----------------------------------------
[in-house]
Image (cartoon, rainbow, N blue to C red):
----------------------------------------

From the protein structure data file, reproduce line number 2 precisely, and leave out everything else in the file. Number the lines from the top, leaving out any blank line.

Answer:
Image (cartoon, rainbow, N blue to C red):